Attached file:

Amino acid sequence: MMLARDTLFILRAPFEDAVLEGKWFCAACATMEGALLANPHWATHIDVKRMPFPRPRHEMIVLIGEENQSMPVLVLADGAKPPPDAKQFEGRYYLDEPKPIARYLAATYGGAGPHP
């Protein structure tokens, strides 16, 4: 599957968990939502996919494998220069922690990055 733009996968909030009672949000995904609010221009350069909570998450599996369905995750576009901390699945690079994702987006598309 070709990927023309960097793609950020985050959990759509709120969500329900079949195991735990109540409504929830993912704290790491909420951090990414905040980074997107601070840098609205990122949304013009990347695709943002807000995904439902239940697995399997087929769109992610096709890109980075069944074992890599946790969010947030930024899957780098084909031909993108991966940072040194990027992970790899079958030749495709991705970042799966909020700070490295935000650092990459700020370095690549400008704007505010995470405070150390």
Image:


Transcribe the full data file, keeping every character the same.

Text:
Amino acid sequence: MMLARDTLFILRAPFEDAVLEGKWFCAACATMEGALLANPHWATHIDVKRMPFPRPRHEMIVLIGEENQSMPVLVLADGAKPPPDAKQFEGRYYLDEPKPIARYLAATYGGAGPHP
């Protein structure tokens, strides 16, 4: 599957968990939502996919494998220069922690990055 733009996968909030009672949000995904609010221009350069909570998450599996369905995750576009901390699945690079994702987006598309 070709990927023309960097793609950020985050959990759509709120969500329900079949195991735990109540409504929830993912704290790491909420951090990414905040980074997107601070840098609205990122949304013009990347695709943002807000995904439902239940697995399997087929769109992610096709890109980075069944074992890599946790969010947030930024899957780098084909031909993108991966940072040194990027992970790899079958030749495709991705970042799966909020700070490295935000650092990459700020370095690549400008704007505010995470405070150390």
Image: